Ask anyone over the age of 40 if they are familiar with the term "digital native" and I can assure you will get a raised eyebrow. Or, ask any youngster if they’re a digital native and you’ll probably get a good sassin’.
Huh? What? Digital who?
So when I received the following email message, I realized there are still elders out there who could benefit from understanding what the term truly means. My sisters for example, even though I’ve explained to each of them, they still DON’T GET IT.
Maybe this will help. (Chart comes via Ianiv & Arieanna’s)
"Today’s tech-savvy youngsters are an enigma for most parents and educators. At OpenEducation.net, we recently took a look at the challenges facing a generation of "digital immigrants," the group that has been entrusted with raising and educating the generation of "digital natives."
Here’s a blurb from the blog post, Of Digital Immigrants, Power Browsing and Bouncing Out that truly drives this point home.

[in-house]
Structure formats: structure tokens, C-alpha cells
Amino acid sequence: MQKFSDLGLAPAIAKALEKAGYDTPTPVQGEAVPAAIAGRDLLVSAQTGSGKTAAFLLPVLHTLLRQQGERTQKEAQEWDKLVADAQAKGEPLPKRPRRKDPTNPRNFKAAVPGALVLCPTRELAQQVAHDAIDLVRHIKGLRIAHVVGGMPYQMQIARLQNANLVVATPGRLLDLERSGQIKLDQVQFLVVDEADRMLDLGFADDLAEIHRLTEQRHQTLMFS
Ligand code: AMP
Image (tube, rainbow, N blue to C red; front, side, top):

Once duly informed, the writer appears to have little trouble discerning the critical difference between herself, someone who has adapted to technology, and her son, someone who has grown up with technology. O’Brien indicates that she is in fact computer proficient, but that she still prints out documents to read them, calls people to check if they have received her e-mail, and the clincher, that she still has a dictionary by her desk. She also recalls her study habits, something akin to monk-like behavior, away from any form of distraction.
In turn, she notes her digital native son, multi-tasking, thriving on instant gratification and claiming to function best when he has the opportunity to be networked. Her son, like other digitally native children has a wonderfully flexible mind, absorbs information quickly, and adapts easily to changes.